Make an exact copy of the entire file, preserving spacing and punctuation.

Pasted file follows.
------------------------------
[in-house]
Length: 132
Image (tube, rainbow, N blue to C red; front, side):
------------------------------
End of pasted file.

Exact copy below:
[in-house]
Length: 132
Image (tube, rainbow, N blue to C red; front, side):